Image result for game stalls japan

The morning after the festival, one suddenly notices that the stalls have all been cleared. The roads are clean with no sign of the previous days festivities – the whole area is enveloped in eerie silence interrupted now and then only by the clickety clack of an office girl’s/salary man’s heels as they’re rushing to the station….leaving one wondering if all the noise and revelry of the previous evening was just a dream.



Japanese thoughts, Movies and Dramas

A super fun way to learn Japanese

…is watching cooking programs in Japanese. It helps beginners-intermediate level students to check if they can follow simple instructions, pick up vocab and grammar points too. If the program is hosted by someone like Rola, the learning experience becomes all the more fun:-)


Japanese thoughts, Movies and Dramas

Blue light Yokohama

….or should I say “bru raito yokohama”:-). Caught bits of this delightful song in the trailer of the movie “Aruite mo Aruite mo”. The movie’s title has been borrowed from this song.

“Aruite mo aruite mo, kofune no youni,

watashi wa yurete yurete,

anata no ude no naka”

The lines roughly mean, “As I keep walking, I sway like a boat, in your arms”.

This song  released in the year 1968, captures the romantic spirit of Yokohama. Strangely even after all these years, Yokohama still retains it’s charm as a romantic hangout making this song an evergreen tribute to the city.

Love this song for it’s simple lyrics.

Japanese thoughts, JLPT, Vocab and Grammar

Japanese not taught in classrooms

Most Japanese youngsters speak the kind of Japanese that is not taught in language school. The “masu” form of a verb is used only while speaking to superiors at work or probably while speaking to teachers at school. 80% of the time it is the plain form that is used while speaking to colleagues. Even if you spoke using “masu” form, your colleagues might still reply using slang and informal Japanese. Watching dramas is a good way to pick up spoken/ informal Japanese. Did you know that the site www.dramanote.com gives the complete dialogues of old Japanese dramas? So, when you hear a dialogue that you don’t understand, you can read the same in Japanese and look up the meaning “word by word” in a dictionary. Works similar to watching a movie/drama with Japanese subtitles. The site also gives a brief narration followed by a brief observation on the drama/movie. Definitely helps to pick up reading comprehension skills too.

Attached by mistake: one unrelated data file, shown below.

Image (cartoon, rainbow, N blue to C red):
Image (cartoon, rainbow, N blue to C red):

night television tv video
Photo by Tookapic on Pexels.com
Japanese thoughts

Clean lines and perfect angles in Japan

The Japanese seem to love them as is clear from the curve that they draw on the road to indicate the angle at which you make a turn to the right or left. Most roads are narrow and you can rest assured that by taking the turn exactly at that angle you will stay within your lane no matter how big your vehicle.

Even the randomly placed rocks at a zen garden have a certain aesthetic appeal to it. Apparently, the rocks at Ryoanji have been so arranged that viewed from any angle only 14 out of the 15 rocks are visible at a time.

The Japanese tea ceremony is another instance where you turn your tea cup at a particular angle, lift it and transfer it to another hand in a particular way. There is a certain way the teapot is held and tea is poured. So Zen..so neat!

The traditional Japanese bow is made at different angles depending upon the person you are bowing to. You’d bend 45° (Keirei) to show respect and 70° (Saikeirei) to show respect to the point of reverence:-). You would probably just mildly nod your head for someone who is junior to you.

Even Japan’s funkiest architecture seem well thought out – with clean lines and angles. Nothing ever seems out of place in Japan to the point where you begin to think the Japanese have some kind of “obsessive compulsive disorder” :-).


(picture source- wiki and trendir)